How to stabilize half-wall below an interior portal?


First, you'll want to place double studs on either side of your opening (currently you have some on the left but not right, as viewed from the kitchen). Then add horizontal members at the top and bottom of the opening, fastened into those studs. This will add a lot of rigidity by preventing the knee-wall studs from swinging left/right/out. Finally, add some screws through your drywall to the new structural members.

If you're keeping the plumbing/electrical chase in the center, the framing of that will offer some more stability.

Because one side of this wall is in a kitchen, there's also the possibility you'll attach cabinets or other built-ins to this wall. If so, those will add some further rigidity by essentially bracing the wall against the floor.

If those aren't enough, you could add horizontal or diagonal bracing to the wall, or even expand it into a double-stud (wider) wall. Those would be more extreme measures, and I doubt you'll need...

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1. Determine what type of floor structure you have below the wall where you plan to install the veneer. If it is a concrete slab on grade, you are good to go. If you have an elevated floor, you need to determine what kind of structure it is and it will likely need to be reinforced with additional floor joists and possibly columns and footings to distribute the load down to a solid foundation. You might consult with a licensed structural engineer before proceeding with this project. Depending on the brick type you choose, this type of brick veneer may weigh upwards of 20 pounds per square foot of wall.

2. Determine how much brick you will need. I explain how to calculate this in detail in the video. Measure the wall and determine the total square feet of wall to be covered. Then determine how many square feet each brick will cover. Make sure to add 3/8" to the actual height and width of each brick to account for the mortar joint. Divide the square feet of the wall by the...

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When it comes to transforming your home interior, perhaps the only thing better than a wall is a half wall. Of course nothing provides the privacy that a regular wall delivers. On the other hand, nothing else offers the impressive range of uses, or the array of design choices, as a half wall, either. To design and build your own half wall, start by letting your imagination go to work. Think about what you would like to do with the wall -- what you hope to accomplish -- and get an idea of how you want the wall to look when you're done.

Building Half Walls

A half wall -- sometimes called a knee wall -- differs from a regular wall in height alone. Technically, a half wall can be any height short of the ceiling; realistically, most half walls are about 3 to 4 feet tall, depending on the wall's purpose and location. Other than that, the wall is built just like any other wall: Cut framing lumber to the length of the half wall to form the wall's top and bottom plates....

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Mark the location on your floor where you’d like to place the half wall using a piece of chalk. Make a second mark on the wall that you’re connecting the half wall to at the proposed height of the half wall. Select a position that will allow you to set the frame into a wall stud. Measure the planned length and height of the wall with a tape measure, and then subtract 3/4 inch from each to provide room for the placement of an outer cap board after building the frame.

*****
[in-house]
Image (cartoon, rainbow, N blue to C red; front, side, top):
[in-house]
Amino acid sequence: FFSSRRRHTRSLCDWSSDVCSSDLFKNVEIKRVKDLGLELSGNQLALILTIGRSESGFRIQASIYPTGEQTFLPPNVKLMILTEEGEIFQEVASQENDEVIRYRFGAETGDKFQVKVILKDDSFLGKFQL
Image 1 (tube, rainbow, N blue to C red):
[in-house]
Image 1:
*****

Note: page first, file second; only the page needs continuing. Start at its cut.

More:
Cut two two-by-fours to the adjusted length of the wall with a circular saw. These pieces will serve as the top and bottom plates of your half wall. Use a treated two-by-four if you’re attaching the bottom plank to a concrete floor. The treated wood will resist any moisture seeping from the floor.

Place the planks on the floor parallel to one another on the 4-inch edges. Place marks on the planks every 16-inches with a pencil to show the center point for each stud in the wall. Use a speed square placed...

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Internal walls are not only load-bearing structures but also ordinary partitions between rooms. If a question ‘how to build an interior wall’ appears, it means the end of the entire construction of an apartment or a house. Partitions that are planned to be delivered must have high performance of lightness and structural integrity, heat and vapor barrier as well. Traditionally internal walls are built of brick or wood, but it is also popular to use drywall, concrete blocks and OSB-boards nowadays. Here are some simple tips on how to build internal walls.

Interior brick walls

This type of internal walls is good to separate toilets and bathrooms. Usually masonry is made in a half-brick way (5 inches). If the duct in the wall is needed, then a wall can be thickened to about 1 foot. Laying bricks should be upward, and don’t forget about reinforcement of the wall every 5 row. Strong connection between the interior walls and adjacent walls is achieved by creation of...

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In this tutorial, I explain how to use VisAreas and Portals in CryEngine in order to setup lighting for interiors.

I've gotten some questions regarding how to create interiors in the CryEngine2 Sandbox editor. This tutorial will explain how to create interiors using VisAreas and Portals. I will also briefly discuss how to setup lighting in interiors. If you have any questions or comments, feel free to post them in the comments section at the bottom of this article.

The first thing we need to look at is how VisAreas work:

Now that we have that out of the way, I'm going to give you a step-by-step example of how to set up a VisArea and add a few Portals. I'll work with a simple 4-sided room with 2 doors. You can get larger versions of the screenshots below by clicking on them.